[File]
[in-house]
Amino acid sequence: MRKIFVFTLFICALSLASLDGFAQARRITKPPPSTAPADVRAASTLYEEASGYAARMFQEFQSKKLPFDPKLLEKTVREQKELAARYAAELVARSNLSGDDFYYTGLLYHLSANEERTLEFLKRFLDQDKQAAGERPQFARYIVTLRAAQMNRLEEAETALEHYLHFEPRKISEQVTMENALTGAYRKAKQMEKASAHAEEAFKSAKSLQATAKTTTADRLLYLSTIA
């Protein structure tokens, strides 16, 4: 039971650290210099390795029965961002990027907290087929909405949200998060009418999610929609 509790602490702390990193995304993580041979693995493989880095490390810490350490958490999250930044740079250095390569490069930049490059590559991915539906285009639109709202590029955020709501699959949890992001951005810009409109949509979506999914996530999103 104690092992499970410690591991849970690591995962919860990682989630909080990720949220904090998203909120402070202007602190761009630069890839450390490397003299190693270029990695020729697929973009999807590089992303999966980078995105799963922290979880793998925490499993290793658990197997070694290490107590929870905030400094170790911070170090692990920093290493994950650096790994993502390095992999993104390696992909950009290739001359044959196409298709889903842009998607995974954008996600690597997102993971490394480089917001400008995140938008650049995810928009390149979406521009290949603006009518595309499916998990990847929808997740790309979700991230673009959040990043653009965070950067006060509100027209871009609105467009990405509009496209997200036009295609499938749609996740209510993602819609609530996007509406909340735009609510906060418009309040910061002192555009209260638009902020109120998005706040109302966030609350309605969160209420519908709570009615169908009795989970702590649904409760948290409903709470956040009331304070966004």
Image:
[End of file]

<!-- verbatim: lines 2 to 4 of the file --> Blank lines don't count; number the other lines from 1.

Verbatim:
Amino acid sequence: MRKIFVFTLFICALSLASLDGFAQARRITKPPPSTAPADVRAASTLYEEASGYAARMFQEFQSKKLPFDPKLLEKTVREQKELAARYAAELVARSNLSGDDFYYTGLLYHLSANEERTLEFLKRFLDQDKQAAGERPQFARYIVTLRAAQMNRLEEAETALEHYLHFEPRKISEQVTMENALTGAYRKAKQMEKASAHAEEAFKSAKSLQATAKTTTADRLLYLSTIA
């Protein structure tokens, strides 16, 4: 039971650290210099390795029965961002990027907290087929909405949200998060009418999610929609 509790602490702390990193995304993580041979693995493989880095490390810490350490958490999250930044740079250095390569490069930049490059590559991915539906285009639109709202590029955020709501699959949890992001951005810009409109949509979506999914996530999103 104690092992499970410690591991849970690591995962919860990682989630909080990720949220904090998203909120402070202007602190761009630069890839450390490397003299190693270029990695020729697929973009999807590089992303999966980078995105799963922290979880793998925490499993290793658990197997070694290490107590929870905030400094170790911070170090692990920093290493994950650096790994993502390095992999993104390696992909950009290739001359044959196409298709889903842009998607995974954008996600690597997102993971490394480089917001400008995140938008650049995810928009390149979406521009290949603006009518595309499916998990990847929808997740790309979700991230673009959040990043653009965070950067006060509100027209871009609105467009990405509009496209997200036009295609499938749609996740209510993602819609609530996007509406909340735009609510906060418009309040910061002192555009209260638009902020109120998005706040109302966030609350309605969160209420519908709570009615169908009795989970702590649904409760948290409903709470956040009331304070966004």
Image: